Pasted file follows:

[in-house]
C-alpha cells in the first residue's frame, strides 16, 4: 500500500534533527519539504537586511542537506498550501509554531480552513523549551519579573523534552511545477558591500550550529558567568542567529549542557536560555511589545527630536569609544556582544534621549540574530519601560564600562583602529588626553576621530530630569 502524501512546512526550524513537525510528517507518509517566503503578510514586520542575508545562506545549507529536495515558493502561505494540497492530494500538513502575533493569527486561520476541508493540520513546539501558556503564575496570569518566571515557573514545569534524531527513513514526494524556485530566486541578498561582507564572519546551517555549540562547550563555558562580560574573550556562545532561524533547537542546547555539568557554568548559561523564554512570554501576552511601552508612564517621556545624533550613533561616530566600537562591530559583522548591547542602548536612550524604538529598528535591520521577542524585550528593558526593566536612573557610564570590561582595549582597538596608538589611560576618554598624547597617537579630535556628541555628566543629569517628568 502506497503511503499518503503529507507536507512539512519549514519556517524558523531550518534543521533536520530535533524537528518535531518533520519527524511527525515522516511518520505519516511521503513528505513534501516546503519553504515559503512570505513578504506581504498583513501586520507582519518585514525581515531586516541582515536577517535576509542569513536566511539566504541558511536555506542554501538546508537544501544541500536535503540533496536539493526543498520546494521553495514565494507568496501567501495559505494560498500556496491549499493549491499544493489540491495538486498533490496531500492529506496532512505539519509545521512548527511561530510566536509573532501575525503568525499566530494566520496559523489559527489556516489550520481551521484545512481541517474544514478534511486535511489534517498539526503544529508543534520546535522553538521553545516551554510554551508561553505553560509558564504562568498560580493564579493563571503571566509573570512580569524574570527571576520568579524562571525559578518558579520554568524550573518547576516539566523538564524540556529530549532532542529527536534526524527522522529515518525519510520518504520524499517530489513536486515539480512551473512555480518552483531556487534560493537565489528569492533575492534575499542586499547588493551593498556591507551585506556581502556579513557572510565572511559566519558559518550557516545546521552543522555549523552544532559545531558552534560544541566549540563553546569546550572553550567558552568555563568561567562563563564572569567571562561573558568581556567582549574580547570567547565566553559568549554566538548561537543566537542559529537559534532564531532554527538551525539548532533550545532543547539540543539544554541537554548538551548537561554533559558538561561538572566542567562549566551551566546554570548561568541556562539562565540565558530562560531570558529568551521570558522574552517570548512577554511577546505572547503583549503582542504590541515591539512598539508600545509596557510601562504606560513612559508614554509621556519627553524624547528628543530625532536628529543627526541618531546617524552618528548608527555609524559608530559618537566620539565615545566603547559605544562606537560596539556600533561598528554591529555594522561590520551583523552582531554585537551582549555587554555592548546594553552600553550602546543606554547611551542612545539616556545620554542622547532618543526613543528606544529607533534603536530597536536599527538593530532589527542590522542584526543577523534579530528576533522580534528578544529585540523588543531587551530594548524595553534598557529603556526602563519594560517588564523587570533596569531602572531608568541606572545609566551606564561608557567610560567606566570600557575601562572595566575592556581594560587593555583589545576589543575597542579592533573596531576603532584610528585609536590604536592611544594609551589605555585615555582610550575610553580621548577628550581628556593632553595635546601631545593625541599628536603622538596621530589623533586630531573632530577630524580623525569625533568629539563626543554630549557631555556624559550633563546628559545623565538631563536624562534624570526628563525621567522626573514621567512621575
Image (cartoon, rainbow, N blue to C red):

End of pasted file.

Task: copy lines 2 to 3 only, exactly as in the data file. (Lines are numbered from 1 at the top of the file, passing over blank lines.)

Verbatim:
C-alpha cells in the first residue's frame, strides 16, 4: 500500500534533527519539504537586511542537506498550501509554531480552513523549551519579573523534552511545477558591500550550529558567568542567529549542557536560555511589545527630536569609544556582544534621549540574530519601560564600562583602529588626553576621530530630569 502524501512546512526550524513537525510528517507518509517566503503578510514586520542575508545562506545549507529536495515558493502561505494540497492530494500538513502575533493569527486561520476541508493540520513546539501558556503564575496570569518566571515557573514545569534524531527513513514526494524556485530566486541578498561582507564572519546551517555549540562547550563555558562580560574573550556562545532561524533547537542546547555539568557554568548559561523564554512570554501576552511601552508612564517621556545624533550613533561616530566600537562591530559583522548591547542602548536612550524604538529598528535591520521577542524585550528593558526593566536612573557610564570590561582595549582597538596608538589611560576618554598624547597617537579630535556628541555628566543629569517628568 502506497503511503499518503503529507507536507512539512519549514519556517524558523531550518534543521533536520530535533524537528518535531518533520519527524511527525515522516511518520505519516511521503513528505513534501516546503519553504515559503512570505513578504506581504498583513501586520507582519518585514525581515531586516541582515536577517535576509542569513536566511539566504541558511536555506542554501538546508537544501544541500536535503540533496536539493526543498520546494521553495514565494507568496501567501495559505494560498500556496491549499493549491499544493489540491495538486498533490496531500492529506496532512505539519509545521512548527511561530510566536509573532501575525503568525499566530494566520496559523489559527489556516489550520481551521484545512481541517474544514478534511486535511489534517498539526503544529508543534520546535522553538521553545516551554510554551508561553505553560509558564504562568498560580493564579493563571503571566509573570512580569524574570527571576520568579524562571525559578518558579520554568524550573518547576516539566523538564524540556529530549532532542529527536534526524527522522529515518525519510520518504520524499517530489513536486515539480512551473512555480518552483531556487534560493537565489528569492533575492534575499542586499547588493551593498556591507551585506556581502556579513557572510565572511559566519558559518550557516545546521552543522555549523552544532559545531558552534560544541566549540563553546569546550572553550567558552568555563568561567562563563564572569567571562561573558568581556567582549574580547570567547565566553559568549554566538548561537543566537542559529537559534532564531532554527538551525539548532533550545532543547539540543539544554541537554548538551548537561554533559558538561561538572566542567562549566551551566546554570548561568541556562539562565540565558530562560531570558529568551521570558522574552517570548512577554511577546505572547503583549503582542504590541515591539512598539508600545509596557510601562504606560513612559508614554509621556519627553524624547528628543530625532536628529543627526541618531546617524552618528548608527555609524559608530559618537566620539565615545566603547559605544562606537560596539556600533561598528554591529555594522561590520551583523552582531554585537551582549555587554555592548546594553552600553550602546543606554547611551542612545539616556545620554542622547532618543526613543528606544529607533534603536530597536536599527538593530532589527542590522542584526543577523534579530528576533522580534528578544529585540523588543531587551530594548524595553534598557529603556526602563519594560517588564523587570533596569531602572531608568541606572545609566551606564561608557567610560567606566570600557575601562572595566575592556581594560587593555583589545576589543575597542579592533573596531576603532584610528585609536590604536592611544594609551589605555585615555582610550575610553580621548577628550581628556593632553595635546601631545593625541599628536603622538596621530589623533586630531573632530577630524580623525569625533568629539563626543554630549557631555556624559550633563546628559545623565538631563536624562534624570526628563525621567522626573514621567512621575
Image (cartoon, rainbow, N blue to C red):